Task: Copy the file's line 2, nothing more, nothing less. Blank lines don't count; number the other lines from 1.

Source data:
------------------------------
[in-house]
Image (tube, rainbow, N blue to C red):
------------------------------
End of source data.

Image (tube, rainbow, N blue to C red):